The European Commission released its report on Bulgaria and Romania on Tuesday. The annual studies, done to measure how far the two countries have progressed with required judicial reforms, the fight against corruption, and specifically for Bulgaria, the fight against organized crime.
For the second year in a row, the Commission found serious fault within the Romanian government, saying it had "great concerns" about Romania's "backtracking from the progress made" on rule-of-law reforms that were necessary for its accession to the EU.
"The evolution of the situation in the first months of 2019 was a source of great concern," the report continues, saying that if Bucharest does not make "a strong commitment to judicial independence and the fight against corruption," punitive measures may have to be taken.
Romania's Prime Minister Viorica Dancila was ousted in a vote of no confidence earlier this month after complaints of corruption in connection with the former leader of her Social Democratic Party, Liviu Dragnea, who has spent several years in prison over graft charges.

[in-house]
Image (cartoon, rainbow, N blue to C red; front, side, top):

Conservative opposition leader Ludovic Orban is currently trying to form a new government, but if he cannot, early elections will ensue.
Even before Dancila took office in January 2018, the EU had complained that successive governments in Bucharest had worked to slowly weaken the national anti-corruption agency known as DNA and actively tried to impinge upon its investigations into corrupt officials.
Good news for Bulgaria, Croatia
Bulgaria, however, garnered a good report this year from the Commission, saying that Sofia has "worked consistently" to meet its commitments to tackling organized crime and judicial reform.
"The Commission notes in particular the commitment of the Bulgarian government to put in place procedures concerning the accountability of the prosecutor general, including safeguarding judicial independence," the report read.
There was also good news for Croatia, which is in the European Union but not in the 26-country free travel area known as the Schengen zone.
"I commend Croatia for its efforts and perseverance to meet all the necessary conditions to join Schengen," said EU Commission President Jean-Claude Juncker, calling on other Schengen members to "take the right steps" for Croatia to enter.
Zagreb was commended for its efforts to manage external EU borders. Both Croatia and Bulgaria are working towards Schengen membership.
es/ng (dpa, Reuters)